decided: September 27, 1966.
COMMONWEALTH EX REL. BANKS, APPELLANT,
Appeal from order of Court of Common Pleas of Lancaster County, Habeas Corpus Docket No. 5, at 149, in case of Commonwealth ex rel. Henry H. Banks v. David N. Myers, Superintendent.
Henry H. Banks, appellant, in propria persona.
Wilson Bucher, District Attorney, for appellee.
Bell, C. J., Musmanno, Jones, Eagen, O'Brien and Roberts, JJ. Opinion by Mr. Justice Roberts. Mr. Justice Cohen took no part in the consideration or decision of this case.
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This is an appeal from the denial, without hearing, of a habeas corpus petition. By a complaint dated February 9, 1948, appellant was charged with having committed
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murder on February 7, 1948.*fn1 Counsel were appointed for appellant on February 11, 1948. A preliminary hearing was held on February 18, 1948. On March 8, 1948, an indictment was returned against appellant, he was arraigned, pleaded not guilty, and proceeded to trial by jury. Appellant was represented by counsel both at arraignment and at trial. On March 9, 1948, the jury found appellant guilty of murder in the first degree and he was sentenced to a term of life imprisonment. Neither post-trial motions nor an appeal were filed on appellant's behalf.
In the habeas petition appellant presented to the court below there are several claims which require only cursory treatment. Appellant's contention that he was arrested without a warrant and without probable cause does not of itself afford him any ground for post-conviction relief. E.g., Commonwealth ex rel. Light v. Maroney, 413 Pa. 254, 257, 196 A.2d 659, 661 (1964). Appellant's claim that he requested and was denied counsel during his initial incarceration in 1948 does not without more entitle him to any remedy at this time. Commonwealth ex rel. Maisenhelder v. Rundle, 414 Pa. 11, 13, 198 A.2d 565, 566 (1964); Commonwealth ex rel. Wilkes v. Maroney, 423 Pa. 113, 124, 222 A.2d 856, 862 (1966); Johnson v. New Jersey, 384 U.S. 719, 723, 86 S. Ct. 1772, 1775 (1966). The possibility that appellant was not represented by counsel during a preliminary hearing, at which he admittedly pleaded not guilty and about which he makes no other allegation, fails to suggest that the hearing was such a "critical stage" that representation by counsel was constitutionally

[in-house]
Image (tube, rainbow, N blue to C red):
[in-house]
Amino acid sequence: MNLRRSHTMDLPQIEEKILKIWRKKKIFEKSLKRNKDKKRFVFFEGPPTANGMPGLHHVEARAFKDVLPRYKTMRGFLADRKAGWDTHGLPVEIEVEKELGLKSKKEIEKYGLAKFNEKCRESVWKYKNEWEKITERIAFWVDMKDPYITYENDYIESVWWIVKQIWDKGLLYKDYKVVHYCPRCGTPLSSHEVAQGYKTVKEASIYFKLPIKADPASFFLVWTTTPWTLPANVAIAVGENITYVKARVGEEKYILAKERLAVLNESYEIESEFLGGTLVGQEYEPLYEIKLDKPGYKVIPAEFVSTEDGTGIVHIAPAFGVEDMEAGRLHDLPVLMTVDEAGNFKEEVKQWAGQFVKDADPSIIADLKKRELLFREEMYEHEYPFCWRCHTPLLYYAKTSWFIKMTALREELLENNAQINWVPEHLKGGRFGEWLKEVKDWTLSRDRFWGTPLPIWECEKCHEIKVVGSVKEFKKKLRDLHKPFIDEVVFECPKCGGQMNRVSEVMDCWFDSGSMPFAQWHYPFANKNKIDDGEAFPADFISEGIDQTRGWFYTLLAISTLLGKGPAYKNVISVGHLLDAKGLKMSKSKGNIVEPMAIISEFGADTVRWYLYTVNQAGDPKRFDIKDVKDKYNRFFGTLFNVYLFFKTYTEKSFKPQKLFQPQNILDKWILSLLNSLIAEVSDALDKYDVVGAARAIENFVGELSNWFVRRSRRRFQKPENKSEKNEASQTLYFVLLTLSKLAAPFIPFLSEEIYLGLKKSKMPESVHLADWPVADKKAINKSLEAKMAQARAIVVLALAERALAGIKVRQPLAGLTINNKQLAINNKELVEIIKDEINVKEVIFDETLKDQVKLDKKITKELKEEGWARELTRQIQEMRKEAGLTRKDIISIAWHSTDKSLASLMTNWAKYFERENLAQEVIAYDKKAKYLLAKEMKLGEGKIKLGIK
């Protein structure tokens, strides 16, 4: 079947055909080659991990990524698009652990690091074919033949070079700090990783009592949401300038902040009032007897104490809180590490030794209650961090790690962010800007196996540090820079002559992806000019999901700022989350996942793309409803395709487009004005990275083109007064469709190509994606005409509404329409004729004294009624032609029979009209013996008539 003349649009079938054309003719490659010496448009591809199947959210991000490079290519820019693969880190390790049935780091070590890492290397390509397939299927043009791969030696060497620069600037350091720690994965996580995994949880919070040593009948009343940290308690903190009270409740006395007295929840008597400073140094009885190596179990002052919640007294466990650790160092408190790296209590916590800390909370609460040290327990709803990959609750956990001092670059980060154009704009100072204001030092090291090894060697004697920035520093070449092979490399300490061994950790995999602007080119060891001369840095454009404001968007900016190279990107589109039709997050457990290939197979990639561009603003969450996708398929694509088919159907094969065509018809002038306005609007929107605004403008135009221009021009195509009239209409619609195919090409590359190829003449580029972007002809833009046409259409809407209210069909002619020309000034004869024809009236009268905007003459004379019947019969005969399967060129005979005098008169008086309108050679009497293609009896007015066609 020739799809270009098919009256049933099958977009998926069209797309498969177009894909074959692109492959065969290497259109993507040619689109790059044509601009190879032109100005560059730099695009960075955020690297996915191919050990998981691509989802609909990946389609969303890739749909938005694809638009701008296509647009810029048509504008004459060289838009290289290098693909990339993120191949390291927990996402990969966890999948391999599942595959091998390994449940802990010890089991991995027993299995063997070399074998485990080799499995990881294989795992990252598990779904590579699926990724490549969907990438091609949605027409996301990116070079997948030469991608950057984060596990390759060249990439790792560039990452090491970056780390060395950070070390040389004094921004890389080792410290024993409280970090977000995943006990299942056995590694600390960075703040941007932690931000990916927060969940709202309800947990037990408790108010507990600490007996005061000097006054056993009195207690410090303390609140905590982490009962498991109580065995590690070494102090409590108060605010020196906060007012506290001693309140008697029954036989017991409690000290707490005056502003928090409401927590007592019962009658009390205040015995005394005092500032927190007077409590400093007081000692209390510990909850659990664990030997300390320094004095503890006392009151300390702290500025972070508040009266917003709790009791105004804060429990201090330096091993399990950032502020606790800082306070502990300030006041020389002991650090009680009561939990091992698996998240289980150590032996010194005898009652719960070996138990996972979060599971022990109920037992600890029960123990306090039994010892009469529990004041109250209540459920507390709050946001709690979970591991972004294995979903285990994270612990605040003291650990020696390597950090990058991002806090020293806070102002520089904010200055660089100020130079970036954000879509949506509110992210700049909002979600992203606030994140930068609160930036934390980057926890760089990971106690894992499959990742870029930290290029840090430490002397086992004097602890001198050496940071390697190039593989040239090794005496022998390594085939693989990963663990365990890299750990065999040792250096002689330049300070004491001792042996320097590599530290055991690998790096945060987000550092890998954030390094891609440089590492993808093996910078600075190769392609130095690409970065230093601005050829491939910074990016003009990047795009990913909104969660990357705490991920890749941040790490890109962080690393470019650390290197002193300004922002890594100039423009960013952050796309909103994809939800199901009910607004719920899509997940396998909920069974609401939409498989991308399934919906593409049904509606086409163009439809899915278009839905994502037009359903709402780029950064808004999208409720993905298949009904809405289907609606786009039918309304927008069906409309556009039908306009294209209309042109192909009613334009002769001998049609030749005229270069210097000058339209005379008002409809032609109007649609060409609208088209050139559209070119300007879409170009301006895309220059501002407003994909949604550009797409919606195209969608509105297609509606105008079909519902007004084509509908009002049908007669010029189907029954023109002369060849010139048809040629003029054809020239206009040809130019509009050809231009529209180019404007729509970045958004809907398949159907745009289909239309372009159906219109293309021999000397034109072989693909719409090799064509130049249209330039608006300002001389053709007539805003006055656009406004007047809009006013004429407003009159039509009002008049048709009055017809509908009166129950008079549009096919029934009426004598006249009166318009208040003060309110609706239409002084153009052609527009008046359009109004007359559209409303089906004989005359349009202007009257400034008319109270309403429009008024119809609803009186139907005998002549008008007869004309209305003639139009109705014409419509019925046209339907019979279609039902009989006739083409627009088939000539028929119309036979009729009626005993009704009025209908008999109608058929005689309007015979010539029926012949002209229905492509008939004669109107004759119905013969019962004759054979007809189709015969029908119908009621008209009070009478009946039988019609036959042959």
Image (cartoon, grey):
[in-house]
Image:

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necessary. See, e.g., Commonwealth ex rel. Swilley v. Maroney, 420 Pa. 419, 420, 218 A.2d 242, 243 (1966). Finally, in light of the above discussion, appellant's argument that his indictment was invalidated by the alleged illegality of his arrest, preliminary hearing and the lack of counsel before trial is clearly groundless.
Also presented to the court below in appellant's petition is the assertion that his conviction must be invalidated because he "was available, but was not notified or informed when the Indictment was presented to the Grand Jury for deliberation."*fn2 While it is true that the common law of Pennsylvania appears to entitle an accused to notice that his case is being presented to a grand jury,*fn3 we know of no reported case in this Commonwealth in which an accused was permitted to assert a failure to give notice to him of the presentation of his case to the grand jury after he had gone to trial. Nor does there seem to be any reason,
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absent extraordinary circumstances*fn4 not suggested by the record or by appellant's petition, why such an objection should not be asserted before the accused goes to trial in a case where counsel were appointed for defendant four days after his arrest and twenty-five days before the return of a true bill by the grand jury.*fn5 The orderly administration of criminal justice requires that the resources expended in trials not be wasted by the post trial assertion of claims which normally come to the attention of the defense before trial commences. By statute in Pennsylvania formal defects apparent on the face of an indictment must be asserted before the jury is sworn*fn6 and while this statute does not control appellant's claim, we think the policy considerations inherent in it are applicable. Indictments containing defects not formal or not apparent on the face of the document have been traditionally attacked by motion made before trial, e.g., Commonwealth v. Bradney, 126 Pa. 199, 204, 17 Atl. 600, 601 (1889); Commonwealth v. Vancel, 99 Pa. Superior Ct. 40 (1930); Commonwealth v. Ross, 58 Pa. Superior Ct. 412, 417 (1914); Commonwealth v. Carlucci, 48 Pa. Superior Ct. 72 (1911); Commonwealth v. Bolger, 42 Pa. Superior Ct. 115, 119-20 (1910), aff'd per curiam on the opinion of the court below, 229 Pa. 597, 79 Atl. 113 (1911), and we see no reason, absent extraordinary circumstances, why trial counsel should not be held to such a practice.
The papers filed by appellant with this Court raise for the first time several claims not raised in the petition in the court below. We need not consider for the first time on appeal of the denial of a habeas corpus
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hearing an issue not presented to the court below. Commonwealth ex rel. Pacewicz v. Turley, 399 Pa. 458, 466, 160 A.2d 685, 689 (1960); Commonwealth ex rel. Wilkes v. Maroney, 423 Pa. 113, 124, 222 A.2d 856, 862 (1966) (alternative holding). Accordingly, we hold the petition below was properly dismissed without a hearing.